Reaction Design advances the simulation of soot

  • 25-Apr-2012 03:19 EDT
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Simulated soot levels in a combustion chamber 10 degrees after TDC compared with laser measurements. For more information see SAE 2011-01-1390. (Reaction Design)


Soot formation occurs when fuels do not fully combust. While in the past decade, engine exhaust regulations focused on limiting the total amount of soot, and NOx emissions, future regulations will include particulate matter as well. “The Euro 5+ and Euro 6 standards and proposed U.S. Tier 3+ and Tier4 regulations limit both mass and number of particles,” explained Bernie Rosenthal, CEO of Reaction Design in an interview with SAE Magazines. There is also the California Air Resources Board’s proposed Ambient Air Quality Standards to consider. Rosenthal pointed to various studies that show that soot is unhealthy, especially particulate sizes of less than 2.5 microns. “The human body cannot eliminate such small particles,” he said.

Reducing soot is a challenge, and it is not just for diesel. “Diesel has a bad rap because of the black smoke people see,” he explained. “But that is caused by larger sizes of particulate matter, which the human body can handle.” Small particulates come from both diesel and gasoline engines.

There are two ways to meet that challenge—either design an engine that minimizes the amount of soot produced or use aftertreatment to remove particulate matter from the exhaust. Aftertreatment costs from hundreds of dollars to many thousands, depending on the size of the engine and other factors, according to Rosenthal.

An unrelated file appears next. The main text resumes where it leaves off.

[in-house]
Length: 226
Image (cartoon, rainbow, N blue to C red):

For cost-effective solutions, he believes there is a huge benefit in knowing how to balance engine-out emissions with aftertreatment. Given the many challenges beyond emissions—especially the need to deliver fuel economy—engine manufacturers are looking at many more potential designs than ever. Building great numbers of prototypes is expensive. “Sophisticated equipment is required for detecting emissions particles, and testing provides little insight into the causes [of soot] under varying conditions,” said Rosenthal.

Enter simulation of soot, via the company’s improved CHEMKIN-PRO and FORTÉ software programs. As part of the Model Fuels Consortium (MFC), which Reaction Design leads, a soot model was developed and correlated with experimental data. Not as easy as it sounds, since Rosenthal explained that even experimental soot data was lacking. The MFC contracted with the University of Southern California to obtain needed fundamental measurements. The result is a model composed of 50 fuel components that addresses a wide range of fuels, including those derived from petroleum, biomass, or even coal or natural gas. They uniquely validated the soot model across about 470 sets of conditions.

“The model accurately predicts engine-out trends for soot,” said Rosenthal, including not only mass emission, but particle size distribution as well. This allows engine designers to compare disparate engine designs or combustion schemes relative to one another. “We are continuing to work on improving the accuracy of the absolute values,” he said.

While details of the model are available only to MFC members for the next two years, anyone can use the model as a ‘black box’ via the software offered by Reaction Design. The company also offers general consulting services to produce simulations.

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